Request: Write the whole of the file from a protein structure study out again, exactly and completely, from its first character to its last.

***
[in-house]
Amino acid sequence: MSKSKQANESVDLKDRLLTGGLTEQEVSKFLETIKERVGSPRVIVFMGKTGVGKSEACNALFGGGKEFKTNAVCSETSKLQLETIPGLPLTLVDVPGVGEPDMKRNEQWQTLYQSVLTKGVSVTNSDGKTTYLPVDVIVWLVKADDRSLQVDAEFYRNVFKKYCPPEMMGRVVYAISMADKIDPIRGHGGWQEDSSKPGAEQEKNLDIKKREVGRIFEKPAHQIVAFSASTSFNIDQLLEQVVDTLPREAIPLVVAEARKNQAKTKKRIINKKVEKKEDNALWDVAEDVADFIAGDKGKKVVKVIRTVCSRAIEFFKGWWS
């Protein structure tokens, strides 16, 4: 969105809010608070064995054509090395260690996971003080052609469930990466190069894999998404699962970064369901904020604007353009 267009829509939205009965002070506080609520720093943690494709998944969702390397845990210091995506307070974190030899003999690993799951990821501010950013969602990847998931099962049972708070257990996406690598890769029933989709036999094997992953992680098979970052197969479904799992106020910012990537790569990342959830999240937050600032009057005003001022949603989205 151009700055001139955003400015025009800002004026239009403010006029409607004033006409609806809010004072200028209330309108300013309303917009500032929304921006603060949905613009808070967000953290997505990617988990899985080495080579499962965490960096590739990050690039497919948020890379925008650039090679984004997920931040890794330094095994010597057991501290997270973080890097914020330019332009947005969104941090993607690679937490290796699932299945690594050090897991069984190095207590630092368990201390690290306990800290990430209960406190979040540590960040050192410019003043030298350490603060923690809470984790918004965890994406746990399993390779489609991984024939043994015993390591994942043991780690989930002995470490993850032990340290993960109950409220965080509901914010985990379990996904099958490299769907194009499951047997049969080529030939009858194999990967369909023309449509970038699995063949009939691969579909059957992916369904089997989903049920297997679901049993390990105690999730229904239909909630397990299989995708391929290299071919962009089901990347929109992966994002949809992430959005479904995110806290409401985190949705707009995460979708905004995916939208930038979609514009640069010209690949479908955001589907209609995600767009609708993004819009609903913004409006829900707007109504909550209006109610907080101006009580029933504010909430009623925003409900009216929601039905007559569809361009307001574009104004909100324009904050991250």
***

[in-house]
Amino acid sequence: MSKSKQANESVDLKDRLLTGGLTEQEVSKFLETIKERVGSPRVIVFMGKTGVGKSEACNALFGGGKEFKTNAVCSETSKLQLETIPGLPLTLVDVPGVGEPDMKRNEQWQTLYQSVLTKGVSVTNSDGKTTYLPVDVIVWLVKADDRSLQVDAEFYRNVFKKYCPPEMMGRVVYAISMADKIDPIRGHGGWQEDSSKPGAEQEKNLDIKKREVGRIFEKPAHQIVAFSASTSFNIDQLLEQVVDTLPREAIPLVVAEARKNQAKTKKRIINKKVEKKEDNALWDVAEDVADFIAGDKGKKVVKVIRTVCSRAIEFFKGWWS
């Protein structure tokens, strides 16, 4: 969105809010608070064995054509090395260690996971003080052609469930990466190069894999998404699962970064369901904020604007353009 267009829509939205009965002070506080609520720093943690494709998944969702390397845990210091995506307070974190030899003999690993799951990821501010950013969602990847998931099962049972708070257990996406690598890769029933989709036999094997992953992680098979970052197969479904799992106020910012990537790569990342959830999240937050600032009057005003001022949603989205 151009700055001139955003400015025009800002004026239009403010006029409607004033006409609806809010004072200028209330309108300013309303917009500032929304921006603060949905613009808070967000953290997505990617988990899985080495080579499962965490960096590739990050690039497919948020890379925008650039090679984004997920931040890794330094095994010597057991501290997270973080890097914020330019332009947005969104941090993607690679937490290796699932299945690594050090897991069984190095207590630092368990201390690290306990800290990430209960406190979040540590960040050192410019003043030298350490603060923690809470984790918004965890994406746990399993390779489609991984024939043994015993390591994942043991780690989930002995470490993850032990340290993960109950409220965080509901914010985990379990996904099958490299769907194009499951047997049969080529030939009858194999990967369909023309449509970038699995063949009939691969579909059957992916369904089997989903049920297997679901049993390990105690999730229904239909909630397990299989995708391929290299071919962009089901990347929109992966994002949809992430959005479904995110806290409401985190949705707009995460979708905004995916939208930038979609514009640069010209690949479908955001589907209609995600767009609708993004819009609903913004409006829900707007109504909550209006109610907080101006009580029933504010909430009623925003409900009216929601039905007559569809361009307001574009104004909100324009904050991250």